Fifteen years after the Global Financial Crisis: Recessions and Business Cycles in the History of Economic Thought

Weaving Economics. The Early Modern Idea of a Limitless World and the Birth of Modern Economics.

Lingg Andreas, Witten/Herdecke University

The use of the terms cameralism and mercantilism is controversial. This is especially true when applied to the early modern period, the gray area in the history of ideas between medieval scholasticism and the economics of the Enlightenment. The problems are manifold. One of the most serious objections is that contemporary authors did not use these terms. They are anachronistic in nature, it is argued, and as such would have been used by economists of later eras less with descriptive than with instrumental intentions, as a means of ideological and parascientific debate. No less serious is the accusation that there was no independent economic theorizing or scholarly practice in this phase that would justify such titles or categories. These works would have been too eclectic, too undisciplined, too unsystematic, too unclearly demarcated from other fields of knowledge, too strongly rooted in traditions such as the medieval princely mirror, too weak in their will to penetrate the economic sphere and to explore its laws and regularities. In the early modern period, we are dealing with a phase in the history of economic thought that in many respects eludes modern scientific categories and ways of thinking. Ordered scholarly discourses, faculties, universities and clearly delineated genre boundaries - all of these existed only to a very limited extent in the field of economic debates. The use of concepts such as cameralism or mercantilism in this era therefore lead to gross simplifications that obscure rather than reveal their subject matter. It takes a different language and a different way of thinking to discern dogma-historical patterns here. Developing these is a worthwhile goal, since this epoch was, according to the thesis, a critical phase in the development of modern economics. This article argues that to understand the processes and the importance of this time, one must go to the level of individual arguments. It is necessary to draw the attention away from works and authors to the realm of particular statements and beliefs that circulated, as will be shown, first in the environment of a few trades and sectors - luxury crafts, long-distance trade, colonial politics, and precious metal mining - to eventually find a way, across all national borders, into scholarly economic writing. The discourse of economic theory subsequently underwent a major transformation in Europe in the 15th and 16th centuries. At that time, parts of it changed from a static household-theory, oriented towards control and parsimony, to a speculative advice literature, which was based on the idea of a (in principle) limitless world of economic possibility. In order to understand the economics of the following centuries it is vital to look at these early argumentative threads and to observe how they were repeatedly rewoven to finally form the fabric of modern economics.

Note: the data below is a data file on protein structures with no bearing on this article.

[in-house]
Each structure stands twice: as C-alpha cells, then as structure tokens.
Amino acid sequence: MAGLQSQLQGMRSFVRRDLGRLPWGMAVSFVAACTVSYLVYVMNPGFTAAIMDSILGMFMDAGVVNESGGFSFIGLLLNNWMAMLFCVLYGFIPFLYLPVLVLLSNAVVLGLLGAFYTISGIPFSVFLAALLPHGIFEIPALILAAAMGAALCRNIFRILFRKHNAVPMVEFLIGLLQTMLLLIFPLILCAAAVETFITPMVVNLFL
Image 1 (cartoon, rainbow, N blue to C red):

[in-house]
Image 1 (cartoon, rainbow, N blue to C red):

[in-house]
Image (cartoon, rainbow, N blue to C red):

Area: Eshet Conference

Keywords: Early Modern Age; Mercantislism; Cameralism; Early Capitalism; Colonialism; Mining; Long-Distance Trade; Luxury Crafts; Economic Growth

Please Login in order to download this file